The composition of this shot is stunning. We've got sharp leading lines - sweeping in from from the left hand edge of the frame, the prison warder leading Scott, in the darkness, in silhouette, as he journeys into the centre of the shot. The light shows us where to rest our gaze: on Carol who is framed above and below by the barred window and its extended, stretched reflection on the concrete floor.
Here she's investigating a star's dressing room, backstage at a theatre. We can see a similar compositional style going on, but this time she's in the left hand side of the frame. We tend to read landscape orientation images left to right, particularly in wide angle or long shot. So, this image is about Carol to start with, and then, where she's going to go next.
In both images, Carol is always active, always investigating. No matter where she is, she chooses to step out of the safety of the light and into the darkness.
And if we go back to the train station shots, included in the stalking video extract, we can see how not only the light, but all sightlines, all reflections, all framing, revolves around her.
This is Carol's show.
I'm not going to go in blow by blow on the whole plot, or every magnificent sequence, because I want you to have the pleasure of watching it and finding it all for yourself.
But here are a few more of the moments that I loved the most.
She finds her mysterious character, swaddled in a granny square blanket. In this film, crochet = invalid.
Do watch out for the invalid's beautiful house coat, with its swoony lapels and padded, angular shoulders (having grown up on Bladerunner, the invalid's outfit gives me Sean Young's Rachel, which I know is the wrong way round when the fashions of the 1940s influenced the 1980s but such is life).
But! The invalid makes no claims for hats. What can Carol do?
When Carol is at her most despondent, she semi-collapses into a display of trailing ferns. Her back to the camera, her turning away from the audience, head bowed towards the window.
For some reason, Carol's desolation in the ferns made me think of Elizabeth Hardwick's Sleepless Nights, in which the narrator Elizabeth writes about her plants (when of course she's actually writing about how she learned to live alone in New York City):
"My plants are brought in from their southern kitchen window to rest in pots in the living room. The stationary scheflera in its heavy tub stands in its permanent corner, like a cat that never goes out, year after year, living its entire life in a few rooms... The weeping greens of the city shine in the dark and survive in a great will to accommodate. There they are, everywhere, determined, hopeful, like the coolness of evenings in the desert"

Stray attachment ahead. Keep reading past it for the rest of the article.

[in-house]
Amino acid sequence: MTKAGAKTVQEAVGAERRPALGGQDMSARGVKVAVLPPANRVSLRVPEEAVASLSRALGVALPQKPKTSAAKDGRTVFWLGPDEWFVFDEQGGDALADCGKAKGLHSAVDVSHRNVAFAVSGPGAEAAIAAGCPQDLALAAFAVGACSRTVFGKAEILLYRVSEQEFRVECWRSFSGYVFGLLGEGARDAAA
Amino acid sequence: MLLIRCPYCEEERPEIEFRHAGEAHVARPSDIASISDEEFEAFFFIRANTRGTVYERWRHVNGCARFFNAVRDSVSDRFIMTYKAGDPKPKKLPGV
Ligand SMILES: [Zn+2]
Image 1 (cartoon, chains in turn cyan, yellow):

Like Elizabeth's plants, Carol has a great will to go on, to endure. Her determination and hope will see her through her quest, even as she pauses among the foliage, in momentary abeyance.
Towards the end of the film, even though it's all gone to shit, Carol still chooses to make a Nice Cup of Tea. Good work woman.
You know how I feel about these moments in horror films. I like to catalogue them all. I am starting to develop a thesis that a woman character makes a Nice Cup of Tea in horror film just before something dreadful happens. If only there had been a cat (preferably black) in this film as well, Phantom Lady would've been my most perfect, most heavenly film.
At a certain point, Carol also adorns a disembodied head sculpture with - the eventually located - Very Important Hat
And pisses herself laughing about it, even though by this point, she is in Extreme Danger
Christina Lane has penned Phantom Lady: Hollywood Producer Joan Harrison, the Forgotten Woman Behind Hitchcock, the only book you need on Joan Harrison, and which will undoubtedly finally put this producer into our film histories. One point she makes about Phantom Lady particularly tickled me. Universal doubled down on the hat motif for promoting the film, recognising that 'as a gimmick it offered endless marketing opportunities, such as the "hat of horror"', which Universal recommended for sale in display windows of local shops.
What's probably more important though is Lane's archival research, where she reveals the success of Phantom Lady meant that 'Harrison was widely celebrated for moving the horror genre out of the B-class'; Lane then quotes a local paper noting approvingly that she turned 'a womanly experiment into a box-office bonanza'.
I feel like Joan is going to need a prominent place in my next book.
And maybe I should buy a hat.